Eagerness to Work
rating: +1+x

Darkness. A small, enclosed space. Time seemed to have stopped.

All ten of them stood there, motionless. There were no panicked cries, however. None of them seemed to be afraid, they were used to being in such conditions from time to time, waiting for someone to free them from outside.

"How much longer do we have to wait? I'm getting sick of standing still in this cardboard box," shouted the one with the scythe in his hands, acting as impulsive as ever.
"Whatever it's necessary. You'll get sick of movement once they take us out," replied the one with the shovel.

Much more time passed. Seconds became hours, days became years. They were still standing there, impassive and patient. But something was wrong, they had never been locked up for such a long period of time.

"I'm starting to think that they're not going to take us out anymore," said the one holding the rake with sorrow.
"Did they replace us with electronic tools?" Asked the one with the axe, "I may be a little slow at times, but no chainsaw can match my efficiency. No gasoline, no electricity, and in total silence!"
"Don't be pessimistic, it's impossible for them to replace us with that junk," said the one with the watering can, who until now had said nothing. "Look at me. It would cost a lot to create an irrigation system that knows what to water, when, how and with what. The same goes for you, and for all of us. We are an irreplaceable team."
"So why don't they take us out? Did something happen to them?"
"Fuck it, I'll cut open the box right now and I'll go see what's going on," shouted the one with the scythe with his usual impetus.
"Don't move," said the one who never left his insecticide sprayer.
"Why not? I want to know what's going on."
"You hold on. Remember, none of us can move yet. Have you forgotten our oath?"
"How can I forget? We all made the same oath that day."
"Well, get your curiosity out of your head with that pointy cap, and stay there," he exclaimed in a firm tone. "We'll stay here, even if a meteorite falls and destroys the planet and everything on it."

No one spoke again that day, or the next, or any other. It was not until a week later that the silence was broken again.
"Have you thought about what would happen if we are no longer needed?" Asked the one with the rake.
"Don't be ridiculous, the purpose for which we exist is necessary for any society," said the one with the watering can.
"What if no one has gardens, orchards or forests anymore? What would happen if they were replaced by machines that do the same as trees, but need no one to take care of them?"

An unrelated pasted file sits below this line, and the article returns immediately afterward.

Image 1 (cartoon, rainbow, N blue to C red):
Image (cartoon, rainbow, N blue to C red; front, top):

Before anyone could answer him, the small room began to shake.
"Someone has grabbed the box!" shouted one of the two men armed with a submachine gun.
"Finally, the idleness is over!"
Despite the fact that the ten stood stiff as statues, inside the tiny space there was an atmosphere of cheerfulness and joy that replaced the usual monotony. Although from the outside it was imperceptible.

Light flooded the room, and giant hands pulled the ten of them out of it. The view outside was something they had only seen for a relatively short time, very different from what they had been accustomed to since time immemorial. Huge men and women dressed in white coats, suits, military attire, orange jumpsuits…
All ten of them already knew these people, who used to point their fingers at them while calling them a series of letters and three numbers. They didn't behave like owners of a country house, it was more like a workplace. But it could be an oil refinery or a pig slaughterhouse, it didn't matter. As long as there was a garden, they were happy.
"Now that they've classified SCP-ES-054 as Safe, what are you going to do with them," said someone behind their back.
"I thought about leaving them out there in the gardens. A few good caretakers with no rest would be quite nice, plus their color matches the front of the building."
"I agree. Besides, we'll be able to watch them work in our spare time."

At last, the corridors ended after a door and they reached the outside. One by one, the ten garden gnomes were placed upright on the lawn. The humans began to talk about an irrelevant topic and walked away.
"For a moment I thought they were going to break us again." The one with the axe sighed, remembering his work accident.
"Me too, those people are insane."
The gnomes snapped out of their immobility and gathered in the center of the garden.
"The place is pretty neglected. We all have work to do."
"I'm going to start by pruning that oak tree."
"As soon as you finish, the two of us will remove the dead leaves and put them over there," said the one with the rake, next to the one holding a handcart.
"That blackberry bush is infested. Those bugs better pray as hard as they can," declared the one with the insecticide sprayer, preparing his tool.
"How long has it been since this grass was watered?" Asked the one with the watering can, while water appeared inside it as if an invisible faucet was filling it.

Once the ten gnomes had settled on their tasks, they lined up side by side in a straight line, standing firm as stakes.
"What are they doing? Why are they acting like that? pondered a man in a suit who was looking at them."
"I don't know. It's as if they were reciting an oath, or singing a hymn before getting to work," answered a woman in a white coat standing next to him.
"Yeah, it's even funny. Can you imagine what they would say if they could talk?"
As the two humans finished their coffee, the gnomes broke formation and scattered into the garden, ready to begin their own tasks.

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